After four years, 820 qualifying matches involving over 202 teams, the nation synonymous with the beautiful game is finally ready to host the 2014 FIFA World Cup. With the build up to the tournament marred in controversy, one can expect the protests to be replaced with passionate support of the national team. The protests have been legitimate as Brazil looks to host the most expensive World Cup in history, at a time when the people feel the funds could be used to improve service delivery and infrastructure of the country.
Brazil – A nation full of hope
Coming off the back of a successful Confederations Cup 12 months ago, the Brazilian national team restored their identity. With an impressive 3-0 victory over world and European champions Spain in the final of the Confederations Cup public belief returned to its high expectant norms.
Under the management of head coach Luiz Felipe Scolari, who successfully led Brazil to their last World Cup title, confidence is sky high within the camp. Scolari has not made it a secret to the nation that he is confident in the hosts winning the trophy on home soil. Ahead of the opener against Croatia addressed press;
“To all Brazilians I want to tell you the time has arrived. This is our World Cup,” he said.
“There are seven steps. The first step is tomorrow against Croatia. After that we have six steps that we want to go up if we want to win the World Cup.”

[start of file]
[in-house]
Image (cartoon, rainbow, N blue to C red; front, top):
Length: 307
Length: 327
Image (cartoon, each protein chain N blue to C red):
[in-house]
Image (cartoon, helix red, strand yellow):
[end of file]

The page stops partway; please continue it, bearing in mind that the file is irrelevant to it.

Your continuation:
World Cup Openning Match: Brazil vs. Croatia
Looking to the opening match against the hosts, it’s hard to look beyond the host nation. Not only are the hosts the bookies favourite, no host nation has lost the opening game of a World Cup.
Croatia coach Niko Kovac said of Brazil: “Let’s be realistic, they are the hosts and a great favourite.
Brazil looks set to start with the team that dispatched Spain last summer at the Confederations Cup, with no injury concerns. Croatia are without suspended Bayern Munich striker, Mario Mandzukic. The striking birth will therefore be given to either Eduardo or Nikica Jelavic.
In their only previous encounters Brazil won 1-0 at the 2006 World Cup courtesy of a Kaka goal and drew 1-1 the previous year in a friendly. Yet again Croatia will have their backs against the wall, with their best chance being frustrating the Brazilians to get the highly expectant fans on their back. Having scored 30 goals and conceded 2 in their last nine matches, facing an opponent that has failed to win in its last four World Cup games, the match seems set to have the Brazilians in a samba mood early on at 2014 FIFA World Cup.